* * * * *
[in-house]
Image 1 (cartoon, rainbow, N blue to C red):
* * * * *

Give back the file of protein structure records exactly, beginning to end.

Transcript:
[in-house]
Image 1 (cartoon, rainbow, N blue to C red):